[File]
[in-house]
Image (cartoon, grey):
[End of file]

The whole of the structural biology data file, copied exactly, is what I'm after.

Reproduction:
[in-house]
Image (cartoon, grey):